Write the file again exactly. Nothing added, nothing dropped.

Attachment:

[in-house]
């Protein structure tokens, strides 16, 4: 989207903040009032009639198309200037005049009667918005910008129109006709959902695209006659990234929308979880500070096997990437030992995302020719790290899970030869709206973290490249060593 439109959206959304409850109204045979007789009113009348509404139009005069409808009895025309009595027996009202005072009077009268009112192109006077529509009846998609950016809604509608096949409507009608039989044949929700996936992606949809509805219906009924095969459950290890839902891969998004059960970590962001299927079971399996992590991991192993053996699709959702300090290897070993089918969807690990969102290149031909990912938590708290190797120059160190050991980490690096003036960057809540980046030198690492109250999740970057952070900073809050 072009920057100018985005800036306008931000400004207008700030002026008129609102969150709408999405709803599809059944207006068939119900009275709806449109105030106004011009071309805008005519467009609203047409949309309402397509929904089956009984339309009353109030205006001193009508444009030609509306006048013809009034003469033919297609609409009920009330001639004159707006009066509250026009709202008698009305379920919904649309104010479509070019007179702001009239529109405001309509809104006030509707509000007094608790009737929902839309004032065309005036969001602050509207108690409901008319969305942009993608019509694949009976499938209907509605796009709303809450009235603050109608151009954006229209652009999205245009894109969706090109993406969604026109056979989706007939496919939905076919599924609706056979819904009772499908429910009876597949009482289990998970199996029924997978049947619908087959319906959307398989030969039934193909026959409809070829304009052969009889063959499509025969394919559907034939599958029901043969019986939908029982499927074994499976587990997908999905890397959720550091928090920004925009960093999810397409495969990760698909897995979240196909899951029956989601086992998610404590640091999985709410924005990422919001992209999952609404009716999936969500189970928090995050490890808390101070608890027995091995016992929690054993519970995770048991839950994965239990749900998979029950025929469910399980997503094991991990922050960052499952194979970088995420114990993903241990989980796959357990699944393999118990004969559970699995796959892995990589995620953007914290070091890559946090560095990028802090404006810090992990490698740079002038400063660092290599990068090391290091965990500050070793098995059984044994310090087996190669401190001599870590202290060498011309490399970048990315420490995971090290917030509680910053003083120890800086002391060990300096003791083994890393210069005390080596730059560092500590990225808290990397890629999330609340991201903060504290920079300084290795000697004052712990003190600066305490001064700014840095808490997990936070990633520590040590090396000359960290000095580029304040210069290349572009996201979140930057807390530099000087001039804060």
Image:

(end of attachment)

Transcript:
[in-house]
């Protein structure tokens, strides 16, 4: 989207903040009032009639198309200037005049009667918005910008129109006709959902695209006659990234929308979880500070096997990437030992995302020719790290899970030869709206973290490249060593 439109959206959304409850109204045979007789009113009348509404139009005069409808009895025309009595027996009202005072009077009268009112192109006077529509009846998609950016809604509608096949409507009608039989044949929700996936992606949809509805219906009924095969459950290890839902891969998004059960970590962001299927079971399996992590991991192993053996699709959702300090290897070993089918969807690990969102290149031909990912938590708290190797120059160190050991980490690096003036960057809540980046030198690492109250999740970057952070900073809050 072009920057100018985005800036306008931000400004207008700030002026008129609102969150709408999405709803599809059944207006068939119900009275709806449109105030106004011009071309805008005519467009609203047409949309309402397509929904089956009984339309009353109030205006001193009508444009030609509306006048013809009034003469033919297609609409009920009330001639004159707006009066509250026009709202008698009305379920919904649309104010479509070019007179702001009239529109405001309509809104006030509707509000007094608790009737929902839309004032065309005036969001602050509207108690409901008319969305942009993608019509694949009976499938209907509605796009709303809450009235603050109608151009954006229209652009999205245009894109969706090109993406969604026109056979989706007939496919939905076919599924609706056979819904009772499908429910009876597949009482289990998970199996029924997978049947619908087959319906959307398989030969039934193909026959409809070829304009052969009889063959499509025969394919559907034939599958029901043969019986939908029982499927074994499976587990997908999905890397959720550091928090920004925009960093999810397409495969990760698909897995979240196909899951029956989601086992998610404590640091999985709410924005990422919001992209999952609404009716999936969500189970928090995050490890808390101070608890027995091995016992929690054993519970995770048991839950994965239990749900998979029950025929469910399980997503094991991990922050960052499952194979970088995420114990993903241990989980796959357990699944393999118990004969559970699995796959892995990589995620953007914290070091890559946090560095990028802090404006810090992990490698740079002038400063660092290599990068090391290091965990500050070793098995059984044994310090087996190669401190001599870590202290060498011309490399970048990315420490995971090290917030509680910053003083120890800086002391060990300096003791083994890393210069005390080596730059560092500590990225808290990397890629999330609340991201903060504290920079300084290795000697004052712990003190600066305490001064700014840095808490997990936070990633520590040590090396000359960290000095580029304040210069290349572009996201979140930057807390530099000087001039804060």
Image: